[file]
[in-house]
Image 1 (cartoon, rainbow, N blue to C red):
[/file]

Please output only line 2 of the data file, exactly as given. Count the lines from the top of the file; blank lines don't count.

Image 1 (cartoon, rainbow, N blue to C red):